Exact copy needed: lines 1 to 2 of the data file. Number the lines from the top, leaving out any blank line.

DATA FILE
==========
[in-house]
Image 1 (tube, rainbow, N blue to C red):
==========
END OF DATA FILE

[in-house]
Image 1 (tube, rainbow, N blue to C red):